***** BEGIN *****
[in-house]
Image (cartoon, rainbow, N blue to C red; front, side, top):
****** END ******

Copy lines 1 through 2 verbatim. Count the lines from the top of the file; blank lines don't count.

[in-house]
Image (cartoon, rainbow, N blue to C red; front, side, top):